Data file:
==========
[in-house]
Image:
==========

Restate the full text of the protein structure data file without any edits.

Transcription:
[in-house]
Image: